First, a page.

Space travel is humanity’s greatest achievement and the source for many great works of science fiction. The universe is a vast place we know nothing about, but even with all the possibilities and potential for exploration, space travel must be a lonely place. However, 50 Signal does not concentrate on the negatives but on the wonders and adventure to be found in space. Nick Gonzo, a Leeds-based writer and artist, who has previously created such comics as Harvey Spig, The Tree, and Punk Rock Apocalypse serves as both writer and artist.
As the press release describes the comic’s premise, 50 Signal is about the solitude of space travel, told from the perspective of a vat-grown astronaut. Since he isn’t given a name in the issue, we’ll just call him Spaceman. Raised by machines, Spaceman is pretty content with his purpose in life. In fact, he loves it. He has his own rocket, which may or may not be sentient and possibly organic, as Spaceman says she used to sing to him, and it appears as a weird creature. Spaceman spends most of the comic explaining his mission outline – he is stationed around a planet’s equator and when a mission comes in, he goes to investigate, document, and salvage anything that needs preserving.
Throughout the comic, we see him visiting planets with a variety of strange yet familiar creatures and environments. Apparently, Spaceman has seen a lot in his time so very little surprises him – a man of experience. The main plot rolls in when he investigates life signals coming from within the corpse of a giant creature, whose corpse leaves a surprisingly haunting image. Though that might be because I have watched Attack On Titan a hundred or so times. He sends his rocket off to patrol, and ventures into a hollowed out bone expecting to find a colony. Instead, he finds a strange cycloptic robot who claims to have been expecting him…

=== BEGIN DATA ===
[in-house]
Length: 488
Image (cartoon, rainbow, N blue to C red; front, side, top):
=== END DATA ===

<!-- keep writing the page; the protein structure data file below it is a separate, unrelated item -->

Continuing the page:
My favourite element of this comic has to be the art style. It is simple and almost childlike but has plenty of rich detail to it as well. The writing is good, and surprisingly, open to interpretation. It is possible that Spaceman’s rocket may not actually be alive as he describes it, but just what he has created in his mind after being in space for so long. Either that, or I am putting way too much thought into this. Spaceman himself is an interesting character, completely content with his origins without angsting over it; and enjoys his job, exploring space and having adventures but being used to the experience without having the technobabble-filled dry dialogue seen in Star Trek. And thanks to the art style, Spaceman look a lot like Mr. Ben from the old British kid’s show.
In terms of flaws, I admit the robot’s font dialogue is a little hard to read and the plot twist, if it was meant to be one, is both funny and a little confusing. But beyond that, the first issue of 50 Signal is off to a promising start. If it is going to explore space with a balanced mix of wonder, adventure, and mystery, then I say it is a winner. The comic is being published by Madius Comics, run by Nick, Robin Jones, and Brad Holman.
Are you interested in reading 50 Signal? Is the type of space travel story that you would enjoy? Sound off in the comments section below or on our Twitter feed.